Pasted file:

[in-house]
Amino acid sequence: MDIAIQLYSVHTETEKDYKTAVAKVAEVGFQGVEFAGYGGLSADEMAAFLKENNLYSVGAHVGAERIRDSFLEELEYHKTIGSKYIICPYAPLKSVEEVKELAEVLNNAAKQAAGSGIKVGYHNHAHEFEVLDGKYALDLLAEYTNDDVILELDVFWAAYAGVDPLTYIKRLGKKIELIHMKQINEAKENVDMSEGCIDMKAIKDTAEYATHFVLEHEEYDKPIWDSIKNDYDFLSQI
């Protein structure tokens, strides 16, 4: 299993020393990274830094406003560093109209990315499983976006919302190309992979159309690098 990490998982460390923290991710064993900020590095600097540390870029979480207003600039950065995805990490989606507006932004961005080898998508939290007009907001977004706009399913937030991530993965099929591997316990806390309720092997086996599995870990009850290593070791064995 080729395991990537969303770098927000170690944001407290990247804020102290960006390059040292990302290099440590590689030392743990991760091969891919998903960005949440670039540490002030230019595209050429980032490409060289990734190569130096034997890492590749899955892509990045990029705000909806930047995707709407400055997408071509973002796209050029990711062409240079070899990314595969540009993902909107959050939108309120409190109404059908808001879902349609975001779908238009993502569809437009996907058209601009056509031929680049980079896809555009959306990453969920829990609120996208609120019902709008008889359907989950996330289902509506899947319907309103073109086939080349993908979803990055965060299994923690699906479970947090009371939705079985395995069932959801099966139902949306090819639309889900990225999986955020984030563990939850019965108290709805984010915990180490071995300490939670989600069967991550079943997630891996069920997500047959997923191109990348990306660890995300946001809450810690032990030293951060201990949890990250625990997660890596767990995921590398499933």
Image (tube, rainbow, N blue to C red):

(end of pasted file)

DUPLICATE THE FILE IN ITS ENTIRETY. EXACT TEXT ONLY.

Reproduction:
[in-house]
Amino acid sequence: MDIAIQLYSVHTETEKDYKTAVAKVAEVGFQGVEFAGYGGLSADEMAAFLKENNLYSVGAHVGAERIRDSFLEELEYHKTIGSKYIICPYAPLKSVEEVKELAEVLNNAAKQAAGSGIKVGYHNHAHEFEVLDGKYALDLLAEYTNDDVILELDVFWAAYAGVDPLTYIKRLGKKIELIHMKQINEAKENVDMSEGCIDMKAIKDTAEYATHFVLEHEEYDKPIWDSIKNDYDFLSQI
């Protein structure tokens, strides 16, 4: 299993020393990274830094406003560093109209990315499983976006919302190309992979159309690098 990490998982460390923290991710064993900020590095600097540390870029979480207003600039950065995805990490989606507006932004961005080898998508939290007009907001977004706009399913937030991530993965099929591997316990806390309720092997086996599995870990009850290593070791064995 080729395991990537969303770098927000170690944001407290990247804020102290960006390059040292990302290099440590590689030392743990991760091969891919998903960005949440670039540490002030230019595209050429980032490409060289990734190569130096034997890492590749899955892509990045990029705000909806930047995707709407400055997408071509973002796209050029990711062409240079070899990314595969540009993902909107959050939108309120409190109404059908808001879902349609975001779908238009993502569809437009996907058209601009056509031929680049980079896809555009959306990453969920829990609120996208609120019902709008008889359907989950996330289902509506899947319907309103073109086939080349993908979803990055965060299994923690699906479970947090009371939705079985395995069932959801099966139902949306090819639309889900990225999986955020984030563990939850019965108290709805984010915990180490071995300490939670989600069967991550079943997630891996069920997500047959997923191109990348990306660890995300946001809450810690032990030293951060201990949890990250625990997660890596767990995921590398499933």
Image (tube, rainbow, N blue to C red):